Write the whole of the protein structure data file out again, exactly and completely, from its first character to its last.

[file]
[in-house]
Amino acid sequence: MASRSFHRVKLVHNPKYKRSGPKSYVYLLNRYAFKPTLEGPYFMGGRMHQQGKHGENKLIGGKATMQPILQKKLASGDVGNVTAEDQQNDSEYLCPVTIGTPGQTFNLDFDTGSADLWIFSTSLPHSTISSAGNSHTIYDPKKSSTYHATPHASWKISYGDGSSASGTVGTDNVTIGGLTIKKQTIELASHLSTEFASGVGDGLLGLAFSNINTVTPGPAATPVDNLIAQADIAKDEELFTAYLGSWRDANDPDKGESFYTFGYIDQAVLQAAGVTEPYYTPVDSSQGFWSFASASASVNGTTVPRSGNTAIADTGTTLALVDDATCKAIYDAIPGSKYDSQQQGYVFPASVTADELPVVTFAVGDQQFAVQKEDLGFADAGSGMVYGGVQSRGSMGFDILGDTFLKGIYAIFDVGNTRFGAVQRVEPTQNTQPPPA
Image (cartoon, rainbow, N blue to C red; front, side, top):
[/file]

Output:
[in-house]
Amino acid sequence: MASRSFHRVKLVHNPKYKRSGPKSYVYLLNRYAFKPTLEGPYFMGGRMHQQGKHGENKLIGGKATMQPILQKKLASGDVGNVTAEDQQNDSEYLCPVTIGTPGQTFNLDFDTGSADLWIFSTSLPHSTISSAGNSHTIYDPKKSSTYHATPHASWKISYGDGSSASGTVGTDNVTIGGLTIKKQTIELASHLSTEFASGVGDGLLGLAFSNINTVTPGPAATPVDNLIAQADIAKDEELFTAYLGSWRDANDPDKGESFYTFGYIDQAVLQAAGVTEPYYTPVDSSQGFWSFASASASVNGTTVPRSGNTAIADTGTTLALVDDATCKAIYDAIPGSKYDSQQQGYVFPASVTADELPVVTFAVGDQQFAVQKEDLGFADAGSGMVYGGVQSRGSMGFDILGDTFLKGIYAIFDVGNTRFGAVQRVEPTQNTQPPPA
Image (cartoon, rainbow, N blue to C red; front, side, top):